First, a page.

Email: DH@GJATradeLaw.com
Line/Telegram/WeChat/WhatsApp: 8328966288

您有機會取回因301條款所支付的中國關稅退款

上週四,一位進口商在CIT提起訴訟,指責301條款因行政管理不當、理當視為無效之罰。

如果原告勝訴,則所有進口商都可以在CIT中提起訴訟。並就其已支付的任何關稅,要求退款(無論是否提出抗議)。

要求退款的申請截止日期為2020年9月21日(星期一)。如果您希望獲得協助,藉以保留您的退款權利,請致電給我們。

Contact: David Hsu
Mobile: 832-896-6288
Email: attorney.dave@yahoo.com,
Email: DH@GJATradeLaw.com
Line/Telegram/WeChat/WhatsApp: 8328966288

CBP seizes counterfeit Air Pods and Apple watches.

Seized counterfeit Apple watches, source: CBP.gov

U.S. Customs and Border Protection Officers in Chicago inspected and seized seven boxes from Hong Kong containing 423 smart watches and 200 earphones. With suspected intellectual property seizures, CBP will send photos or samples of the items to the Electronics Center of Excellence and Expertise (Electronics CEE). The CEE will then verify with the property rights holder if the importer was authorized to use the word mark. 100% of the time the property rights holder will reply the importer of record is not authorized to import the goods and the entire shipment will be seized.

In addition to registering the “Apple”, “iPhone” with Customs, companies can also protect the shape, design, form and function of the items. For example, the photo above shows the same shape and design of an Apple Watch. CBP estimates the value of the shipment, if authentic would be approximately $204,168.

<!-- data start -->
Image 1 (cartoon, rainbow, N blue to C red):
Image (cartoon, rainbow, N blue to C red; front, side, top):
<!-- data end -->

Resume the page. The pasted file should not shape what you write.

What happens after a seizure?
If you are an importer, after a seizure, CBP will send you a “Notice of Seizure”. You will then have 30 days to respond to the Notice of Seizure, if you do not – then Customs will begin forfeiture of your goods.

Contact David Hsu by phone/text at 832-896-6288 or by email at attorney.dave@yahoo.com if you have received a seizure notice to discuss your options.

Counterfeit and harmful pacifiers seized by CBP.

Counterfeit pacifier, source: CBP.gov

U.S. Customs and Border Protection (CBP) officers in Pittsburgh seized a shipment of 25 pacifiers with counterfeit marks of luxury brands such as Chanel and Mercedez Benz. In addition to bearing a registered mark, counterfeit products may also be manufactured using inferior quality of materials – such as lead paint with excessive lead paint levels. The pacifiers were bejeweled – causing CBP to note the poor quality workmanship may result in loose pieces breaking off and potentially choking a child that may ingest the pieces. If authentic, the pacifiers have a MSRP of $1,300.00.